Financial Emptying Nest Parenting
The Balance between Assistance and Independence
by Richard and Linda Eyre
We have two sets of friends who approach this issues in such strikingly opposite ways that their stories really establish the two extreme ends of a spectrum.
Bill and Marge Jones each grew up with little family money, had jobs after school and all summer, and worked their way through college. They feel this made them tough and independent and they want the same “blessings” for their kids. So, even though they are quite well off, they basically give their kids nothing beyond the basics of food and shelter, expecting them to earn all their own spending money while they’re young and then either get scholarships or work and take student loans to get through college. Their kids have become marvelously resourceful and independent, but it took some of them seven or eight years to get through college and there is a certain resentment about the shoestring lifestyle they’ve been forced into.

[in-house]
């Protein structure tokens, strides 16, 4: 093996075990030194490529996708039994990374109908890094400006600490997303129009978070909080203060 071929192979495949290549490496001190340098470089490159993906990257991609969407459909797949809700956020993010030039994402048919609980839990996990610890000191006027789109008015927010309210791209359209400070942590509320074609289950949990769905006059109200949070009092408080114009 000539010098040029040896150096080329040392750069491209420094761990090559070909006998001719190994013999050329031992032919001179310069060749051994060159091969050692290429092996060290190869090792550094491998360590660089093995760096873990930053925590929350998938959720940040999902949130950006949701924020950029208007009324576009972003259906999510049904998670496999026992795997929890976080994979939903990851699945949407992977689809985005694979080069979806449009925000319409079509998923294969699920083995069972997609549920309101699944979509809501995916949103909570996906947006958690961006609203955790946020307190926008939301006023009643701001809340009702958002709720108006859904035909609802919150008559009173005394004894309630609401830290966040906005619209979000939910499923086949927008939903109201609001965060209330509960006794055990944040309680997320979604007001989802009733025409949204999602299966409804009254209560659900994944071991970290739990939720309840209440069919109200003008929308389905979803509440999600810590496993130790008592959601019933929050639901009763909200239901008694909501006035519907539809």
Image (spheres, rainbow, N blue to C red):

Pat and Liz Smith also grew up relatively poor and had to make it on their own, but their goal is to make sure their kids don’t have to do the same thing. They want their children to have all the advantages they didn’t have, so they basically give them everything they need (and a lot of what they don’t) financially and just encourage them to take advantage of every extracurricular opportunity and to do their very best in school. Thus the Smith kids went to far better (and more expensive) colleges than the Joneses, and they finished sooner and went on to graduate school. Now that they are out of school, though, they are having some trouble living within their means and learning to live independently from their parents.